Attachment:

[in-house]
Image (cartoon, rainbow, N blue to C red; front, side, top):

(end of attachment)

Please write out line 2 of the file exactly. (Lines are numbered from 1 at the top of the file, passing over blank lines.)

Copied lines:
Image (cartoon, rainbow, N blue to C red; front, side, top):